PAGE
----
Tag Archives: Pippi Longstocking

Pippi Longstocking and It’s A Small World Always Have A Place in My Heart

17 Jan

Over time my sister and I have been amazed that her daughter’s personality is more like mine, while my daughter is more like my sister. I am known to call them by each other’s names because they do something that is so much like the other.

But recently, on a family Zoom, I realized that my reaction to my daughter is often the same as my mother’s reaction to my sister.

In the early 1960s my family went to the World’s Fair in New York City. (See blog below.). We had a great time.  Our favorite ride was the Disney, “It’s a Small World,” which premier at the World’s Fair.  My sister, who was just 4 or 5 at the time, fell in love with the song. 

She was in love with the song and used the $5.00 gifted to her from our grandmother to buy a special booklet about the ride that included the 45 record. My mother asked her to be sure that is what she wanted, as she used her entire $5 for it.  (I used my money to buy a Cinderella watch.)

The song became the bane of our existence.  My sister played that record endlessly.  “I did play it multiple times a day on the small record player that we were allowed to use unsupervised,” she said.  To be honest it drove us all crazy.

One day she came home from school to the horrible news from my mother that the record was broken.  My mom was cleaning and accidentally broke it.  My sister was devasted, but what could she do. It was gone. My Mom was such an honest, good person.  We all believed her.  And I think we all, except my sister, were relieved.

Fast forward about 10 years.  Our house was robbed.  The thieves came in through the back door. The police believe my brother surprised when he got home from school as he came in the front door.  (I have written about this before in the blog below.). It was traumatic for all of us!!!

But in the aftermath, on the floor of my parent’s bedroom, where the thieves had dropped all the stuff they did not want, was the 45 record of “It’s A Small World”.  It was not broken.  It was intact.   My sister was shocked.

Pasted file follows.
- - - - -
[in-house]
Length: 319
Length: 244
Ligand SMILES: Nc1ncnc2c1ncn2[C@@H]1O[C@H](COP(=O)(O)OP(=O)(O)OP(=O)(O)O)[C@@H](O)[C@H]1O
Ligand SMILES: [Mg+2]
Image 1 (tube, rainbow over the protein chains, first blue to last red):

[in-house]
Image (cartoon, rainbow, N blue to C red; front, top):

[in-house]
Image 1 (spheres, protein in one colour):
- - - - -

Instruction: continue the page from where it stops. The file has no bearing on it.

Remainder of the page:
“Mom,” she said.  “It’s not broken.”  She says it was the biggest betrayal in her life!  My parents were both speechless and laughing.  My Mom admitted the truth, she just could not stand to hear that record again.  So they hid it. 

My sister says, “Mom did not have the heart to actually break and throw it out.” She thinks it is because she purchased with the money from grandma.   Now, 55 years later, my sister still has the record.  She admits she was obsessed by it and had to keep listening.  (Unfortunately,  while my sister found her record, my watch was stolen during the robbery.)

The doll and towel I purchased in Sweden.

Fast forward to the late 1980/early 1990s and my daughter’s favorite book, “Pippi Longstocking!”  She had to hear that one book every single day.  My husband or I read it to her.  It was my husband who broke first.  He finally had enough of her obsession.  He told me that he refused to read it again.  He took the book and put it at the very top of the floor to ceiling bookcase in our bedroom, knowing she would never find it.  I have to admit, I was right there with him.  I could have taken it down, but I never did.

We were so relieved.  We just never wanted to hear that book again.   Little did we realize that the book was in her soul.  When she wrote her college applications, she wrote about how she identified with Pippi Longstocking in her essays.

While she was in college, she came home for a break and was helping me sort through books.  I had totally forgotten that Pippi Longstocking was still up there in the bookcase, on its side where it could not be seen.  She was up on a step stool, when she yelled in excitement.  “Mom, I found Pippi Longstocking.  It’s not lost!”